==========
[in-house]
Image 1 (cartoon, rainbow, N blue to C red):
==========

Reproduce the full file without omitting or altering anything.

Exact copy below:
[in-house]
Image 1 (cartoon, rainbow, N blue to C red):